MEXICO CITY - Mexico's central bank raised its key interest rate to a new high on Thursday to curb rising inflation.
The Bank of Mexico raised the benchmark rate for Latin America's second-biggest economy by a quarter-point to 6.75 percent, it said in a statement.
That was the highest since March 2009 when the country was reeling from the global financial crisis.
It said the rise aimed to "temper inflation expectations."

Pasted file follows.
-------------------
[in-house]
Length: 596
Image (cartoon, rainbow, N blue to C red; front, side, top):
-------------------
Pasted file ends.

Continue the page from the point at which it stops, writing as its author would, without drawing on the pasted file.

Prices have risen due to a hike in gasoline prices in January that sparked deadly protests.
They were also affected by a weakening of the peso against the dollar earlier this year on jitters over US President Donald Trump's vow to overhaul trade ties with Mexico.
The bank warned that inflation risked rising further, raising the prospect of more hikes.